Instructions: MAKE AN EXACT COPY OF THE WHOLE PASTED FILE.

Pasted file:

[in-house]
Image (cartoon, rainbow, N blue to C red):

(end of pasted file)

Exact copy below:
[in-house]
Image (cartoon, rainbow, N blue to C red):